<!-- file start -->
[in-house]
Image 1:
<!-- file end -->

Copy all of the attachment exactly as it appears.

[in-house]
Image 1: